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Groups push to protect whales by reducing ship speeds

Posted Jun. 6, 2011 / Posted by: Kelly Trout

Legal Petition Filed to Limit Ship Speeds, Protect Whales in California’s Marine Sanctuaries

Deadly Collisions Between Ships and Whales Have Sharply Increased

SAN FRANCISCO – Conservation groups filed a legal petition today seeking a mandatory speed limit for large ships traveling through California’s marine sanctuaries. In recent years there has been a dramatic rise in whale deaths attributable to collisions with vessels. Ship strikes are now one of the leading threats to whales migrating through California’s waters. Today’s petition, from the Center for Biological Diversity, Environmental Defense Center, Pacific Environment and Friends of the Earth, seeks a 10-knots-per-hour limit for ships in marine sanctuaries. 
 
“Our marine sanctuaries should be a safe harbor for marine life, but instead whales in California are at constant risk of being run over by big ships,” said Miyoko Sakashita, oceans director at the Center for Biological Diversity. “Mandatory speed limits for ships traveling through our marine sanctuaries will save whales and clean our air.”  
 
California’s national marine sanctuaries have some of the nation’s richest marine wildlife habitat as well as some of the most heavily trafficked shipping lanes in the country. More than 9,300 square miles of sanctuary waters host many endangered species, including the largest animal on the planet: the blue whale. 
 
“Reducing ship speed is a simple, reasonable way to protect whales and other aquatic life, as well as public health, from risks posed by large vessels that travel through California’s waters. As our petition details, ship speed limits aren’t just common sense, they’re also necessary to protect our valuable ocean resources,” said Marcie Keever, director of the Oceans and Vessels Project at Friends of the Earth.
 
With unprecedented numbers of blue, humpback and gray whales found off the California coast in recent years, there has been a corresponding increase in the number of whales killed by ship strikes. At least six whales were killed by collisions with vessels in 2010 and more than 50 large whales have died off the California coast in the past decade. In September 2007 five blue whales died as a result of ship strikes near the Channel Islands National Marine Sanctuary.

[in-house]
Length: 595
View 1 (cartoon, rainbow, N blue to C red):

“Our goal is to avoid a repeat of the whale strikes that occurred in the Santa Barbara Channel in 2007,” said Linda Krop, chief counsel of the Environmental Defense Center. “Filing this petition close to World Oceans Day reminds us of the need to ensure proper protection for whales, such as endangered blue whales, that rely on our national marine sanctuaries for feeding and migration.”
 
Conservation groups are urging the federal government to set speed limits in the Channel Islands, Cordell Bank, Monterey Bay and Gulf of the Farallones national marine sanctuaries off the California coast.
 
“We are gravely concerned about the level of frequency of whale mortalities in our national marine sanctuary waters,” said Leah Zimmerman, interim executive director of Pacific Environment. “A 10-knot speed limit seems to be the best practical solution offering the most benefits — such as reducing climate change emissions, air pollution and ever-increasing ocean noise pollution.”
 
As shown on the East Coast where ship speed limits are already in place, reducing ship speed can protect whales by decreasing the risk and ultimate harm of a collision and reducing underwater noise pollution. Slower ships reduce harm to human health because the ships emit less air pollution and greenhouse gases, thereby reducing the effects of climate change and ocean acidification. 
 
The ship speed limit will also help the shipping industry at the same time, by reducing fuel costs.
 
The groups filed their petition just before World Oceans Day on June 8, a UN-recognized day of observance to raise global awareness of the current challenges faced by the international community in managing the world’s oceans. 
 
Contact:
Miyoko Sakashita, Center for Biological Diversity, (415) 658-5308, miyoko@biologicaldiversity.org
Linda Krop, Environmental Defense Center, (805) 963-1622 x 106, lkrop@edcnet.org
Kelly Trout, Friends of the Earth, (202) 222-0722, ktrout@foe.org
Nicole Catalano, Pacific Environment, (415) 399-8850 x 316, ncatalano@pacificenvironment.org
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The Center for Biological Diversity is a national, nonprofit conservation organization with more than 320,000 members and online activists dedicated to the protection of endangered species and wild places.
 
Friends of the Earth fights to create a more healthy, just world. Our current campaigns focus on clean energy and solutions to climate change, keeping toxic and risky technologies out of the food we eat and products we use, and protecting marine ecosystems and the people who live and work near them.
 
The Environmental Defense Center protects and enhances the environment through education, advocacy, and legal action and works primarily within Santa Barbara, Ventura and San Luis Obispo Counties. Since 1977, EDC has empowered community based organizations to advance environmental protection of our coast and oceans, open space and wildlife, and human and environmental health. See www.EnvironmentalDefenseCenter.org
 
Pacific Environment is a non-profit organization based in San Francisco that protects the living environment of the Pacific Rim by promoting grassroots activism, strengthening communities, and reforming international policies. For nearly two decades, we have partnered with local communities around the Pacific Rim to protect and preserve the ecological treasures of this vital region. www.pacificenvironment.org 
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